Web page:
This blog is written by a bunch of young linguists who are interested in language diversity, disparity, change and evolution. For more on the authors, please go here. This blog was started by Suzanne and Hedvig while they were working at MPI Nijmegen on a grammatical survey of African languages, in 2014. It was originally a space to vent about what it's like to read lots of grammars, but now it's expanded into more topics.

We write about things that concern linguistic diversity, change and description. We also cover evolutionary/historical linguistics, psycholinguistics, variation etc. Our focus is not basic introduction to linguistics for the public, but news and information that matters to linguistics, in particular junior researchers and research students. The tone of this blog is sometimes quite informal, we do enjoy our gifs and memes. Don't let that fool you though, we also write serious posts about current research.

In the menu to the left, you can see tags that we have used.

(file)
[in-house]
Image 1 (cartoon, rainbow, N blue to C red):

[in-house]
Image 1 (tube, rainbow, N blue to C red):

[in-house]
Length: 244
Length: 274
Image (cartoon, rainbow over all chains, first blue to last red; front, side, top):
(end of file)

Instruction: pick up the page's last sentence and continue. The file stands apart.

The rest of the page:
Common tags

Static pages
Besides blog posts, we also maintain a few static pages with information. They are:

Follow us elsewhereYou can also find us on
Posts made on this blog get automatically posted to these other outlets. If there's any change in the post, the most updated version is found here on Blogspot.

This blog used to be only on tumblr, but it was later moved to Blogspot/Blogger. There's lots of old posts on Tumblr, why not go to tumblr and read everything we did before we moved to blogger? In particular, check out the tags Free Online Linguistic Databases and Goodie From Grammar Reading. The tag for everything before blogger is "humanswhoreadgrammarsbeforeblogger".

Why “Humans”?
The blog is called Humans Who Read Grammars because a few of the authors have a boss who likes to contrast them to (and perhaps also would like to replace them with…) Computers Who Read Grammars. Thus, we are the Humans Who Read Grammars.

This blog is not an official blog for any of the academic institutions that the authors are part of. Opinions and ideas expressed here are of the authors only, they do not necessarily represent the universities, centres or research projects of the authors.

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